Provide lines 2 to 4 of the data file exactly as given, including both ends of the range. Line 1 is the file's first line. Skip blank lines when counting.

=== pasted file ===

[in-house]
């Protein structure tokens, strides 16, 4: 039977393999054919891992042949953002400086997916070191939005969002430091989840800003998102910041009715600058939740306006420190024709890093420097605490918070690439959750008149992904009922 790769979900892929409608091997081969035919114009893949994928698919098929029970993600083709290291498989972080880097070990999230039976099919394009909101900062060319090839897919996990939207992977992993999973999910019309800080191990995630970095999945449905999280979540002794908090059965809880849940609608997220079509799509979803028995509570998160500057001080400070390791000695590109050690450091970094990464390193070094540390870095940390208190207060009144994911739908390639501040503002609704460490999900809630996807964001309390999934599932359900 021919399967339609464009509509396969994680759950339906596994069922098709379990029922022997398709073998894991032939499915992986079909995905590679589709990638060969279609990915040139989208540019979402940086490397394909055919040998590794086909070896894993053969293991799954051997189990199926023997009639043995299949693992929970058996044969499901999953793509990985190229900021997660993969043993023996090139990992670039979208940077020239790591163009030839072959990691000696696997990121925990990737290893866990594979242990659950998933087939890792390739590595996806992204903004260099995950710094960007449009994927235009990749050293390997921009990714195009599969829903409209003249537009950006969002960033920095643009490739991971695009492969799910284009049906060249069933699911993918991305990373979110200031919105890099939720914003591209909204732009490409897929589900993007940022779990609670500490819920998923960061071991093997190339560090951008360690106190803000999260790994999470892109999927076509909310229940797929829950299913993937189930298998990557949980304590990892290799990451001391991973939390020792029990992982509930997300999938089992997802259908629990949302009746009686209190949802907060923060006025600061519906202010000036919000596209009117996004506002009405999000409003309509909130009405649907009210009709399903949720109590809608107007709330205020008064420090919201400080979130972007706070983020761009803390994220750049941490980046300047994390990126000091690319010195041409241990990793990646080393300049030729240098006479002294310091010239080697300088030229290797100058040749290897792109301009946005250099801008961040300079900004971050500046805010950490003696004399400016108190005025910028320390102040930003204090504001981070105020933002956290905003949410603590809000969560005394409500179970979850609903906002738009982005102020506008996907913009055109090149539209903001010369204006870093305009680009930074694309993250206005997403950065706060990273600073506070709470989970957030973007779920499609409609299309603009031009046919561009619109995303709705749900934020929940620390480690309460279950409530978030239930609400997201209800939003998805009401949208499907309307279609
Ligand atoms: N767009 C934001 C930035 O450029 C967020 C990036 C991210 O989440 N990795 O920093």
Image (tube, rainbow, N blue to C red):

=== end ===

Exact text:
């Protein structure tokens, strides 16, 4: 039977393999054919891992042949953002400086997916070191939005969002430091989840800003998102910041009715600058939740306006420190024709890093420097605490918070690439959750008149992904009922 790769979900892929409608091997081969035919114009893949994928698919098929029970993600083709290291498989972080880097070990999230039976099919394009909101900062060319090839897919996990939207992977992993999973999910019309800080191990995630970095999945449905999280979540002794908090059965809880849940609608997220079509799509979803028995509570998160500057001080400070390791000695590109050690450091970094990464390193070094540390870095940390208190207060009144994911739908390639501040503002609704460490999900809630996807964001309390999934599932359900 021919399967339609464009509509396969994680759950339906596994069922098709379990029922022997398709073998894991032939499915992986079909995905590679589709990638060969279609990915040139989208540019979402940086490397394909055919040998590794086909070896894993053969293991799954051997189990199926023997009639043995299949693992929970058996044969499901999953793509990985190229900021997660993969043993023996090139990992670039979208940077020239790591163009030839072959990691000696696997990121925990990737290893866990594979242990659950998933087939890792390739590595996806992204903004260099995950710094960007449009994927235009990749050293390997921009990714195009599969829903409209003249537009950006969002960033920095643009490739991971695009492969799910284009049906060249069933699911993918991305990373979110200031919105890099939720914003591209909204732009490409897929589900993007940022779990609670500490819920998923960061071991093997190339560090951008360690106190803000999260790994999470892109999927076509909310229940797929829950299913993937189930298998990557949980304590990892290799990451001391991973939390020792029990992982509930997300999938089992997802259908629990949302009746009686209190949802907060923060006025600061519906202010000036919000596209009117996004506002009405999000409003309509909130009405649907009210009709399903949720109590809608107007709330205020008064420090919201400080979130972007706070983020761009803390994220750049941490980046300047994390990126000091690319010195041409241990990793990646080393300049030729240098006479002294310091010239080697300088030229290797100058040749290897792109301009946005250099801008961040300079900004971050500046805010950490003696004399400016108190005025910028320390102040930003204090504001981070105020933002956290905003949410603590809000969560005394409500179970979850609903906002738009982005102020506008996907913009055109090149539209903001010369204006870093305009680009930074694309993250206005997403950065706060990273600073506070709470989970957030973007779920499609409609299309603009031009046919561009619109995303709705749900934020929940620390480690309460279950409530978030239930609400997201209800939003998805009401949208499907309307279609
Ligand atoms: N767009 C934001 C930035 O450029 C967020 C990036 C991210 O989440 N990795 O920093």
Image (tube, rainbow, N blue to C red):